10 Tips for Talking with Kids
When responding to calls for police service, children can at times be our best sources for information. Whether they are sought out as the only English speaker in a foreign language speaking household to give an account of an incident or they’re a victim you need to speak with, the junior members of our society can be a powerful addition to your case.
Here are ten tips on approaching a child, building a rapport, and eliciting information from them.
1. Remove your hat. If you are with an agency that wears hats, removing the hat will make you appear less intimidating.
2. Use the child’s turf. Try to speak with the child in an area that he or she is familiar with and comfortable in. Talking at the police or sheriff’s department facility may be too scary.
3. Get down on their level. Try to sit in a smaller chair or stoop down so that you are at the child’s eye level. This tip also goes a long way to lessening the fear factor.
4. Use your first name. When you introduce yourself, use your first name and explain that you are a police officer, deputy sheriff, etc. Avoid long official-sounding titles.
5. Emphasize help. Stress to the child that as a police officer, you are there to help them. Many children see law enforcers as people who just haul folks to jail. This situation isn’t helped (and we’ve all seen this) by the many parents who sit in restaurants and point to officers while telling their child that if they don’t eat their food, the officers will take him to jail.
6. Compliment the child. Tell the child something positive. Tell them that you like their shirt or other clothing to show that you are not a threat.
7. Show and tell. Ask the child to show you one of their toys. Children love to show their toys and tell people about them. Now that they have told you about a comfortable subject, they may be more open about other things.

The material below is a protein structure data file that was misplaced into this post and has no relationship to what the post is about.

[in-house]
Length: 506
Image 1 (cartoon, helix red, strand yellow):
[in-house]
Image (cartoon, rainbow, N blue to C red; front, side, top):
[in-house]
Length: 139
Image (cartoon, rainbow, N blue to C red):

8. Give with caution. Give the child a stuffed bear or similar item. When I was a police chief, I attended a dinner where I accepted a donation of stuffed bears that we put into every marked patrol unit. We also stocked the cars with plastic junior police officer badges, pencils, and the like. But be careful, especially when the child in your case is a victim. Some law enforcement agencies and district attorney’s offices have guidelines on giving gifts to children. The fear is that your action may later be construed as “bribing” your victim for a statement.
9. Parental presence. Depending on the situation and your local policies, you may need to have the child’s parent, legal guardian, or attorney present. Be sure you’re current on your local protocol before you start your chat. Also, be mindful of who else is present during your talk as that person may create fear on the part of the child.
10. Check with your supervisor. If you are in doubt about whether you should speak with the child, check with your supervisor. For example, some departments discourage patrol officers from speaking in detail with any child victim of sexual assault. That is usually done at a safe house location by specially trained staff.
Children are a useful, and precious, resource for you on a call. Care should be used to involve them in a way that ensures they’re helped and not marginalized.